But even in the rare cases where there is enough evidence to prove that sexual abuse occurred, and that a correctional officer is responsible for it, the perpetrator rarely faces prosecution. While most prison staff shown to be involved in sexual misconduct lost their jobs, fewer than half were referred for prosecution, and only 1 percent ultimately got convicted.
Roughly one-third of staff caught abusing prisoners are allowed to resign before the investigation comes to a close, the report concludes, meaning there's no public record of what exactly transpired and nothing preventing them from getting a similar job at another facility.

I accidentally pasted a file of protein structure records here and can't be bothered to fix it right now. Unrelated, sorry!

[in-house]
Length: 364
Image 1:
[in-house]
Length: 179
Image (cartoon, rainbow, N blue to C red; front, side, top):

"These findings point to a level of impunity in our prisons and jails that is simply unacceptable," said Lovisa Stannow, Executive Director of Just Detention International, a prisoner advocacy group in California. "When corrections agencies don't punish or choose to ignore sexual abuse committed by staff members–people who are paid by our tax dollars to keep inmates safe–they support criminal behavior."
It's part and parcel for what has happened in our prison state. Dehumanize them, warehouse them, isolate them and ruin their chances when they leave. I don't know many people I've heard talking about how they hoped someone would be raped in prison— including "progressives." They want prison to be harsh and unyielding and not caring about what types of human rights violations happen in prison are no concern in our society. It's appalling.
This is just one more reason why we need a more robust prison rights movement and a more serious discussion about ways of resolving social problems through other means than imprisonment.